4 Grant-writing Pitfalls to Avoid

May is always a blur of work for me because it’s when many NIH grant applications are submitted. It’s humbling that researchers entrust me with what often is their life work. Interestingly, I make the same four categories of broad-brushstroke edits in virtually every grant application I work on. I share them with you as pitfalls to avoid. (These apply to any kind of grant writing.)

PITFALL #1: Omitting or providing insufficient background on the research topic
Reviewers are highly knowledgeable, but they can’t be experts in every area that they read about in grant applications. Bring them up to speed by explaining

  • Why this topic is important,
  • What the overarching problem or information gap is,
  • What’s been done to date to solve the problem or close the information gap
  • How [in general] your research proposes to do that

That’s the essence of the Abstract or Introduction.

PITFALL # 2: Not clearly delineating preliminary vs. proposed studies
This is a problem especially with renewal grants. Renewals require writing a “Progress Report” of accomplishments to date, but squibs about preliminary studies can also be included in the “Approach” section, which describes proposed studies. To avoid confusion:

  • Be diligent with verb tenses.
    Show clearly what (1) happened in the past, (2) is ongoing, (3) is planned for the future.
  • Specify whether planned studies will use existing cohorts/methods (e.g., to increase statistical significance) or take a different direction (e.g., go from cell studies to animal models; see if urban results hold true in rural settings, and so on).
  • Minimize discussion of preliminary studies in the “Approach” section—unless it’s necessary for contrast.
  • Refer to the “Progress Report” section as needed—to avoid duplicate verbiage.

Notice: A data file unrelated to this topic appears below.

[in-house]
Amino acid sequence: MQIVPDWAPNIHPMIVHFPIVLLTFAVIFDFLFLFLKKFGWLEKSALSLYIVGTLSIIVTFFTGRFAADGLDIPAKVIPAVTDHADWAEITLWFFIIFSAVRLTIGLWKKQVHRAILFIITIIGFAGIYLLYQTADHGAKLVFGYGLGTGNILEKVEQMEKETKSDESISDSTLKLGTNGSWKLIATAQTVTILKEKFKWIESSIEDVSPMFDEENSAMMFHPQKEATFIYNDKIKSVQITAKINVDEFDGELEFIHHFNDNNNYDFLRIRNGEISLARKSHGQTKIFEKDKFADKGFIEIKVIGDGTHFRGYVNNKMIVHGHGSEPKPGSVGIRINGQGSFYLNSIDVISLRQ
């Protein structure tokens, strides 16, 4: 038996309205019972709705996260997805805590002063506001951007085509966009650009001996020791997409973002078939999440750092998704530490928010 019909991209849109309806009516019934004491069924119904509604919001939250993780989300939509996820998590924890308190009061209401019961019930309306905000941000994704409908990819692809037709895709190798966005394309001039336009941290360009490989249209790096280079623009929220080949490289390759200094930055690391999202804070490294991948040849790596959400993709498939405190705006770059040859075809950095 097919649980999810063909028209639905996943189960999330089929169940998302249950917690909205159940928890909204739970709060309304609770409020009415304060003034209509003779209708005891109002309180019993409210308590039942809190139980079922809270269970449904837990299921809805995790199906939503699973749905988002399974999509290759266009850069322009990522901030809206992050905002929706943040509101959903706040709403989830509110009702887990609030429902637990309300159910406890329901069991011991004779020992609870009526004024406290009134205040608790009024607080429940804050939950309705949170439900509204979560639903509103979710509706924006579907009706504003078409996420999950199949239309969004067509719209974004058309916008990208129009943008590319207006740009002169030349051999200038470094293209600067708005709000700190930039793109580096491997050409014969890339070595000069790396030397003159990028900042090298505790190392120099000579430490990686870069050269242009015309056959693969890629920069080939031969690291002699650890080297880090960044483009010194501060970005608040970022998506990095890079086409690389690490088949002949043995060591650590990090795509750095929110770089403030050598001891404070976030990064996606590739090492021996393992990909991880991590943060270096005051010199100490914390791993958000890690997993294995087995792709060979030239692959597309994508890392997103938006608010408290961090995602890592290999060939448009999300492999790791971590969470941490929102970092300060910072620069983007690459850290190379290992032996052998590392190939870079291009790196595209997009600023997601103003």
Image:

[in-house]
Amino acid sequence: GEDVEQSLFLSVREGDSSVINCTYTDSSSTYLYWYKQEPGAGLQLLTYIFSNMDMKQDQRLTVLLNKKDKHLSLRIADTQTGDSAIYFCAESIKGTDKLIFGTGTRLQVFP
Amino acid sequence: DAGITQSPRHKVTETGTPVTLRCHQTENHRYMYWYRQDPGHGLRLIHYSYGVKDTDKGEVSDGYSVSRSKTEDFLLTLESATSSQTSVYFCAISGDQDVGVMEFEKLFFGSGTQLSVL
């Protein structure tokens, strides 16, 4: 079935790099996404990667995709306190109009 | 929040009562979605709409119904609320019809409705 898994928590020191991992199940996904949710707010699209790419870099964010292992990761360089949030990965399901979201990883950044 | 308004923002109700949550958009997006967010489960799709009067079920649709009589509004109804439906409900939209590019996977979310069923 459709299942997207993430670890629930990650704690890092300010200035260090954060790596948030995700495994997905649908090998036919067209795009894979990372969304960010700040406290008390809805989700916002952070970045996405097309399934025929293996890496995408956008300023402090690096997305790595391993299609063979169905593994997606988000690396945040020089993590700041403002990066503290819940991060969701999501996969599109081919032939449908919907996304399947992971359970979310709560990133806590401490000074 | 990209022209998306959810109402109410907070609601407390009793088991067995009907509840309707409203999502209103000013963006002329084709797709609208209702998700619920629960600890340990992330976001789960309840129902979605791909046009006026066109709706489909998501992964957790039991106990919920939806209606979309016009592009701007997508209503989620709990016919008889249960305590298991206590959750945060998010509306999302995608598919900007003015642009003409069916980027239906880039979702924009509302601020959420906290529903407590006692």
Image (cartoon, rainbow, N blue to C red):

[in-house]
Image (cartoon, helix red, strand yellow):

PITFALL # 3: Omitting figure titles and numbers within charts, graphs and tables
The online submission process turns a group of grant documents into a single, large PDF. That process can “jostle” the position of figures on a page, wreaking havoc on what goes with what if the source documents for the figures don’t have the figure title and number in them. So, if you have figures two close to each other (e.g., Tables 3 and 4) and they get “split” from their accompanying text, reviewers must re-read the text and tables to try to “marry” the two. That causes readability problems, especially with similar-looking tables containing dense data. Anything that bogs down a review works against you.

PITFALL #4: Sacrificing the story for the science
This is the most fundamental, most important pitfall to avoid. And I devote more editing time to this than any other aspect of a grant. Why? Because everyone needs to tell a convincing, cogent story of why their research is unique, important and worthy of funding. With funding becoming tighter, it’s more important than ever to ensure that reviewers clearly understand your work and its big-picture implications on their first read-through. But researchers are so close to their work and so intent on including the details of its “science” that they often forget to tell why their research is great stuff. I remind them that 200 other grants are sitting on that reviewer’s desk waiting to be read. Telling the story well gets the grant noticed.

If you can avoid these pitfalls with your grant writing, your grant application will shine!

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